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Where the drowned girls go
by Seanan McGuire
“If they are being locked, they are being locked. We don’t have a key.”
“Sometimes, you don’t need a key”, said Sumi. Her smile verged on feral. “Sometimes, a crowbar is good enough.”
There is a lot of magic in Seanan McGuire’s Wayward Children series and her newest addition, Where the Drowned Girls Go. Magic in the characters’ hearts and magic in the worlds and doors she has built. And that magic comes through in every lyrical word spoken by the characters. It is an impressive feat to be this far into a series, book 7 to be exact, and still be impressed by the story. But I very much am.
While novels have a long time to tell a story, it has a chance to zig-zag, twist, and curl around, coming to a climax that is 400 or 500 pages in the making; novellas aren’t like that. They do not have the luxury and word count to dance around. They need to be tight where every word is a choice, and every character’s action is exacting. This tightness is why this particular series is so powerful. McGuire tells a lot, builds whole worlds behind hidden doors with a short page and word count.
The seventh book of the series, Where the Drowned Girls Go, builds a world, but it isn’t behind a door but at a new facility. Instead, McGuire creates The Whitethorn Institute, A school that is the antithesis of Eleanor West’s Home for Wayward Children. There are old characters that readers of the series have gotten quite fond of and new ones to meet and get to know.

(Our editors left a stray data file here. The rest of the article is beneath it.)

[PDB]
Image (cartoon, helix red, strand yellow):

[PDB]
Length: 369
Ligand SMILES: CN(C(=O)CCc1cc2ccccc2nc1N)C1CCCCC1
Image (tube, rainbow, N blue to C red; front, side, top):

Cora, a girl who has gone through a door and returned, is desperate for change. She is desperate to move on. However, The Drowned Gods of the Moors have her number and torment her nightly, begging her to give herself over to them—something she will not do. Cora decides that the only way to get away from them is a drastic change. She leaves Home For Wayward Children to The Whitethorn Institute.
Mcguire was able to describe The Whitethorn Institute in very few words. For me, it resembled a “therapeutic” Boarding school for Problem Children that use questionable methods. Cora decides that she needs to go there and forget because The Whitethorn Institute teaches you to forget.
It is not what she imagined it to be. The school is much, much worse.
This story has many themes, very much like the other books in the series that adolescents and adults face in their lives. Where the Drowned Girls Go deals with self-image, weight, and bullying. And much like the other books, McGuire does not bash the reader of the head with the themes. Instead, she weaves them into the story, so they make up the story’s fabric. I left Where the Drowned Girls Go, remembering my issues with bullying as a child and an appreciation for Cora as a character.
In conclusion, check out Where the Drowned Girls Go but only if you have read the entire series. Reading the first six books gives you a full appreciation for the worlds McGuire has created and a heightened enjoyment of Where the Drowned Girls Go. There is true beauty in McGuires writing, and the Wayward Children Series can take you out of this world and through the doors into new ones.